True that. I was reading a discussion on r/Monero earlier today (I can't quote it because reddit doesn't work at work); someone commented that the ASICs were probably placed in service in mid-Septemberish. Basically, the huge surge in difficulty equated to ~400,000 Vegas placed in service over about a month (basically impossible with the HBM shortages), or about 4000 of these units (totally doable for Baikal/Bitmain). Actually it wouldn't shock me if we find out later that the "botnets" were FUD spread by Baikal/Bitmain.I guess that explains the ~75% of the Monero network from unknown sources. It wasn't all botnets, it was Bitmain "testing" their miners.
Probably not, people will speculate that the difficulty will drop. And hit the living crap out of Monero with Nicehash to mine the dip. Probably not 500MH/s worth - but I highly doubt we will see difficulty drop to September levels.But what happens to them if the algorithm changes? Do the ASIC's value go to near 0 for Monero? Will the difficulty drop like a rock?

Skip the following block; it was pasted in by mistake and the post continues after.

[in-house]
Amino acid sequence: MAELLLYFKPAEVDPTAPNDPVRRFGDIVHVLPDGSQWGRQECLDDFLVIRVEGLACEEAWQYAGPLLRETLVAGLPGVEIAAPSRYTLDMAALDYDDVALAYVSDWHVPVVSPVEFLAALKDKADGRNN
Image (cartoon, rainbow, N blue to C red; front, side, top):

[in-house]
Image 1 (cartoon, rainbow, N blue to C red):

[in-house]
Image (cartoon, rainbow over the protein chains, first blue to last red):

Those are the major questions I think need answering.
My big question right now is that FPGA ASIC miners can be brought down by changes by Monero and any fork, but can server CPUs adjust to any changes and keep on mining?I wonder if the initial batch was not already in the market mining Monero given the difficulty increase it has seen. At these specs, you could essentially run them for a few months, then push to the market just before you knew Monero would hard fork.
That is the hope. I've heard Monero was going to just switch to the Equihash algorithm, which would pretty much kill CPU mining for all but the botnets. Plus there are probably already Equi ASICs out there that just haven't been "released" yet.My big question right now is that FPGA ASIC miners can be brought down by changes by Monero and any fork, but can server CPUs adjust to any changes and keep on mining?